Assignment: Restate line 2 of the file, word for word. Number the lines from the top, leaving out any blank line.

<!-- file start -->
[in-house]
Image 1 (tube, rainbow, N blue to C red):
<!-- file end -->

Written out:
Image 1 (tube, rainbow, N blue to C red):